by Ben P. Duck
Two events open this series: the pointless murder of the hapless Snot Boogie, and the trial of D'Angelo Barksdale. Both establish basic truths for the series, that violence and decay are endemic and that the system is not effective in combating it.
The Wire is the widely acclaimed series that takes as its subject the gritty streets and broken system of Baltimore in the first decade of this century. Producer David Simon, who was a crime reporter with the Baltimore Sun, draws on his experience in the city to create a series which is ostensibly about crime and bureaucracy (at least in the first season), but which is really about the setting itself. This has a long history in literature (Faulkner’s portrayal of the American South comes to mind) but was largely unprecedented in series television. The result was probably as realistic a portrayal of a setting as one could imagine, albeit one which seems most characterized by a deep melancholy and a particular perspective. That realism is further complemented not simply by the use of local actors and settings, but also a relentlessly linear structure (no flashbacks for example, with one exception in this first episode). Finally, the pace is always measured to make time seem to pass as it does in life, with night shifts, walking, and useless meetings.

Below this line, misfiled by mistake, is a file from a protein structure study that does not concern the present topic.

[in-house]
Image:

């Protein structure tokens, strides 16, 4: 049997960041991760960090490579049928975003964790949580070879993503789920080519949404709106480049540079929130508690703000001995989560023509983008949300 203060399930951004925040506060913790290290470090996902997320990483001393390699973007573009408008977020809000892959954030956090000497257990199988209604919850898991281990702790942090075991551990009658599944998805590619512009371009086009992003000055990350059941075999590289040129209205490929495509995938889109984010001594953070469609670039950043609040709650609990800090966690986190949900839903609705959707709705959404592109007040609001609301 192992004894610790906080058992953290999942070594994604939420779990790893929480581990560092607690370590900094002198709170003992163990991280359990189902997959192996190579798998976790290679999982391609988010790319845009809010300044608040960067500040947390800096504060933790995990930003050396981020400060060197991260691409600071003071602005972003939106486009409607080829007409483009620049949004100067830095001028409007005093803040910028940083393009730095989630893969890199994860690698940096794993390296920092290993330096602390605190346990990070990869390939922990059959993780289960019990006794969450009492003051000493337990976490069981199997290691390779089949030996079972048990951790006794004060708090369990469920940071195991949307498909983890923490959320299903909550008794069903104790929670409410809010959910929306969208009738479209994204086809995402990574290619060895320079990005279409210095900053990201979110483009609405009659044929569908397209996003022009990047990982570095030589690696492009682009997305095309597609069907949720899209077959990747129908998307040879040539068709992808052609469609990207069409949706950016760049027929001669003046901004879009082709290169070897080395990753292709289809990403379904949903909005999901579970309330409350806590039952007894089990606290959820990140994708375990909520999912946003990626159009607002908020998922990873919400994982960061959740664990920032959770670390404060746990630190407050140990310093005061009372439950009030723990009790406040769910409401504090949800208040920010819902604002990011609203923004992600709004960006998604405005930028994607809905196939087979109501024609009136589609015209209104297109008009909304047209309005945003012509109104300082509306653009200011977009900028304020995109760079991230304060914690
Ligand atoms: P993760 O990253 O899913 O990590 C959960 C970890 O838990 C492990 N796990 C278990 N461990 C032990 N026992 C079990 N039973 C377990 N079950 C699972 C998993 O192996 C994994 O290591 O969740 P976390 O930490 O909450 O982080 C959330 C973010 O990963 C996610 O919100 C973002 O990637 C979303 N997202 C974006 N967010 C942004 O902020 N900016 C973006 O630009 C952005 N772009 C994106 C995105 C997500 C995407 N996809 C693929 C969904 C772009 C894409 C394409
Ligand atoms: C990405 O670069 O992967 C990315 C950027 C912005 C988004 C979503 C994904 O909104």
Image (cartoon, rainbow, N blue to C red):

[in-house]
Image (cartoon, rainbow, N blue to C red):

This first episode establishes the arc of season 1, the conflict between local law enforcement and the illegal drug trade. The former, led by Detectives Jimmy McNulty, Kima Greggs, and Lt. Cedric Daniels, are divided, at cross purposes and mostly don’t like each other. The latter, led by Avon Barksdale and his lieutenant Stringer Bell, are well-organized, close and ruthless. Each group is supported by a sufficiently large crew of supporting characters that it’s hard to even list them all much less give a thumbnail sketch of each in a short review. It also makes it tough to introduce the complexity of the circumstances without resorting to initial caricature, although the few characters who do get attention immediately suggest that this problem will resolve itself in upcoming episodes.
“The Target,” although cutting back and forth between police and drug dealers, focuses on explaining to the audience how the drug dealing side of things work. We see how you routinely carry out this illegal business and the challenges facing those working in it. There is a Darwinian quality to the dealers and their systems. The unimportant and low prestige dealers and locations, like the Low-rises (ubiquitous garden style apartments erected for the city’s poor), are poorly organized and the dealers are just plain stupid. The dealers there are easily duped and would be easy pickings for the police, but they are also unimportant to the drug dealing organization. The high density high-rise projects are another matter entirely, where up and comers work. The top echelons are smart, careful and ruthless. Avon Barksdale’s nephew D’Angelo (or “D”) takes us on this tour. In the big time, he is barely functional, constantly violating key rules and drawing attention to the whole organization. In the low rises, where dealers can’t tell real money from fake, he is a player who knows what’s what and is completely on top of the game.